This paper discusses a technique that can be used when comparing two antenna patterns that produces a measure of the difference between the patterns and an associated confidence level for the results that is derived from a statistical analysis of the pattern differences. The first step in the process is to verify that the same coordinate system is used, and that the AUT is precisely aligned to those coordinates in all measurements. Small differences in beam pointing and polarization that correspond to rotations about the three rectangular axes can arise due to AUT alignment differences or due to some measurement errors. These changes in beam pointing can produce apparent pattern differences in the pattern comparison process that can distort the results, and adjustments in the AUT alignment or pattern data should be done before the pattern comparisons are carried out. It is easy to interpolate the pattern or change the pattern centering using standard processing software to try and correct for the angular misalignments, however the interpolation or centering may not completely correct for rotations about all three axes and some effects may remain after software adjustments...

You have requested a Reprint of an IEEE Paper

Copyright 2011 IEEE. Reprinted from EuCAP 2011 Conference.

This material is posted here with permission of the IEEE. Such permission of the IEEE does not in any way imply IEEE endorsement of any of NSI-MI Technologies' products or services. Internal or personal use of this material is permitted. However, permission to reprint/republish this material for advertising or promotional purposes or for creating new collective works for resale or redistribution must be obtained from the IEEE by writing to pubs-permissions@ieee.org.

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Application of Mathematical Absorber Reflection Suppression to Planar Near-Field Antenna Measurements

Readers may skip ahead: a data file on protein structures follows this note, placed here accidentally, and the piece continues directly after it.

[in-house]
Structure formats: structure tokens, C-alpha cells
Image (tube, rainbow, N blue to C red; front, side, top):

Authors: S.F. Gregson, A.C. Newell, G.E. Hindman, M.J. Carey
Publication: EuCAP 2011
Copyright Owner: IEEE

Nearly all antenna measurements are contaminated to some degree with fields scattered by objects within the environment of the test system. In many instances these reflections (i.e. multi-path) are found to constitute one of the most significant contributors to the facility-level error budget [1]. For some time, a frequency domain measurement and postprocessing technique named Mathematical Absorber Reflection Suppression (MARS) has been successfully used to reduce range multi-path effects within spherical [2, 3, 4] and cylindrical nearfield antenna measurement systems [5, 6]. More recently, a related technique has been developed for use with planar nearfield antenna measurement systems [7]. This paper provides an introduction to the measurement technique and novel probe pattern corrected near-field to far-field transform algorithm. It then presents the most recent results of an on-going validation campaign which have been found to yield improvements comparable to those attained with the corresponding spherical and cylindrical MARS implementations. These results are discussed and conclusions presented.

You have requested a Reprint of an IEEE Paper

Copyright 2011 IEEE. Reprinted from EuCAP 2011 Conference.

This material is posted here with permission of the IEEE. Such permission of the IEEE does not in any way imply IEEE endorsement of any of NSI-MI Technologies' products or services. Internal or personal use of this material is permitted. However, permission to reprint/republish this material for advertising or promotional purposes or for creating new collective works for resale or redistribution must be obtained from the IEEE by writing to pubs-permissions@ieee.org.

By choosing to view this document, you agree to all provisions of the copyright laws protecting it.